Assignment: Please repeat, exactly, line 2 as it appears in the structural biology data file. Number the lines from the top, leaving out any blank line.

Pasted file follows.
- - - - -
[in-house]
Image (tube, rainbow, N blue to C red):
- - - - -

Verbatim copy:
Image (tube, rainbow, N blue to C red):